Fayette County

'Something big.' Why Lexington might dedicate city funding for public art.

Stevie Moore touches up his bench for the an art installation of book shaped benches being unveiled this summer. The Lexington council is considering whether it should have a dedicated funding source for larger public art projects such as the bench project. More than 250 cities across the country have a dedicated funding source for public art.
Stevie Moore touches up his bench for the an art installation of book shaped benches being unveiled this summer. The Lexington council is considering whether it should have a dedicated funding source for larger public art projects such as the bench project. More than 250 cities across the country have a dedicated funding source for public art. swalker@herald-leader.com

As Lexington residents celebrate (and sit on) the latest public art installation — 35 fiberglass benches featuring books by Kentucky authors — the city is mulling establishing a dedicated funding stream to fund more projects like it.

Earlier this month, a committee of the Lexington council voted to move a proposal to the full council that would set aside 1 percent of the amount the city borrows or bonds each year for public art. That could be as much as $300,000 a year for public art, depending on how much the city borrows each year.

The full Lexington-Fayette Urban County Council will likely take its first vote at a council work session Aug. 14.

The city currently funds public art on an ad hoc basis. For example, the budget for the fiscal year that begins July 1, includes $100,000 for a sculpture to celebrate the 100th anniversary of the 19th amendment, which gave women the right to vote.

The public appetite for public art started in 2000 with LexArt's Horse Mania that used fiber glass horses as canvases. It's 2010 reincarnation was also popular. Over the past decade, LexArtS, a nonprofit art organization, has also used private and grant funding to increase the number of public murals.

But what Lexington is missing is a master public art plan that would direct where public art should go, said Jenifer Wuorenmaa, a senior city administrator.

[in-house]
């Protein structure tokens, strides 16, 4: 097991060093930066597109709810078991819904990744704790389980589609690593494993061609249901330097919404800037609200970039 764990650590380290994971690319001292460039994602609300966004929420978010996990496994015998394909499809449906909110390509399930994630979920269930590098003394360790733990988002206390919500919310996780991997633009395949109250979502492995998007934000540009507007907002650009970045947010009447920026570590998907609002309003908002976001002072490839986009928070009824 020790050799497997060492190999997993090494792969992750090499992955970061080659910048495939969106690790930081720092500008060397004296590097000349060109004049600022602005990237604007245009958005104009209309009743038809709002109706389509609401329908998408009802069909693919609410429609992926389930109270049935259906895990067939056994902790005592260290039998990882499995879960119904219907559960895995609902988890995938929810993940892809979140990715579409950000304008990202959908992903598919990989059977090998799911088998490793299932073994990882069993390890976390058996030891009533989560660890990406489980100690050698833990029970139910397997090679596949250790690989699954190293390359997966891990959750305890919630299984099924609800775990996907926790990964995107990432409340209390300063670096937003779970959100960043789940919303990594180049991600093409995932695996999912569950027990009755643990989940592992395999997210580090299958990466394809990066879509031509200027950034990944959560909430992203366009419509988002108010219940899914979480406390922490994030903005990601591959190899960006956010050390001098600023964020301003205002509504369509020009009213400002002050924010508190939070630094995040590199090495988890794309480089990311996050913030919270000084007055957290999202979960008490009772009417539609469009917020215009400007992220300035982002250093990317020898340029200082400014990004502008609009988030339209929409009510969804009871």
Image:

A master public art plan would answer key questions: Where do we need public art? How can we use public art to activate public spaces? Wuorenemaa said.

Councilman Bill Farmer said it was a trip to Portland, Ore., in the late 1990s that spurred his interest in public art. He had floated the idea of a dedicated funding stream several times over the past decades but it wasn't until Mayor Jim Gray took office that he found an administration that was open to the idea.

"This administration has been very supportive," Farmer said. "This brings us a new mechanism that allows us to pair public money with other money such as grants and private fundraising."

Nan Plummer, president and CEO of LexArts, the sponsor of the book benches project, said that installation is funded through city money, tourism money, private fundraising and the Downtown Lexington Management District.

Plummer told the council's General Government and Social Services committee during a June 5 meeting that a dedicated funding stream could be used to leverage federal and state grants and private money.

"This would not be the only funding that would come to public art," Plummer said. "This framework would also enhance the spread of public art... into all districts of the city not just in downtown."